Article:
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I have always been passionate about technology in health care, so much so that I even worked a few years ago with a small startup trying to build a telehealth platform. I’ve always been intrigued by technology and the ability to use it to better deliver care and provide access to care. This is especially pertinent to dermatology, since the specialty has such long wait times, and many patients find it challenging to get in to see us.

No one saw coming what happened with COVID-19, but as a specialty we now recognize that the necessary shift to telehealth in 2020 has permanently changed patient expectations and our delivery of care. As someone who has provided virtual visits for my patients since we launched our clinic in 2018, I now recognize that it has become imperative for practices to offer telehealth. Patient attitudes and demands have shifted, and we must embrace telehealth or risk losing the ability to effectively care for our patients.

Even after—or perhaps because of—the rapid pivot to telehealth in spring of 2020, many physicians continue to lack familiarity with the nuances of telehealth and its potential uses. Ahead, I will clarify come key aspects of technology in healthcare and discuss my personal approach to attracting and serving the digital patient.

The Digital Patient

The digital patient is really the digital consumer, armed with a smartphone (there are an estimated 1.6 billion or more people with smartphones around the world), who is seeking convenient ways to get care, even as the pandemic subsides. Digital consumers shop for cars and clothing. With the Amazon Prime model, many consumers now expect same day or next day delivery. And they see no reason that health care should be different. We use digital tools in every aspect of our life, and I believe that health care was the last frontier.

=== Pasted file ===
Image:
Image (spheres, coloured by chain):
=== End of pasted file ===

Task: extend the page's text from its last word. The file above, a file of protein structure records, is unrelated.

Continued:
Digital Health

There are two aspects of the digital health revolution. There’s the digital health side—think of the Apple watch or the Fitbit—that is basically empowering a consumer or patient to take better care of themselves. The other side is telehealth or care delivery. We can use digital health platforms to engage patients and even attract new patients. We want to engage digital consumers and turn them into digital patients through telehealth.

Telehealth

Distinct from digital health, telehealth refers to how we deliver care, such as through virtual visits. The most beneficial approach for me, and I think for dermatology in general, is store-and-forward. Store-and-forward provides several benefits, including the ability to better manage our time. A number of straightforward dermatology cases can be efficiently managed via store-and-forward. Synchronous visits using teleconferencing technology simply present too many opportunities for technical errors, no-shows, inability to render a diagnosis due to insufficient image resolution, etc. Plus, unless the visit is recorded, which patients are unlikely to consent to and which would require excessive storage, documentation can be a challenge.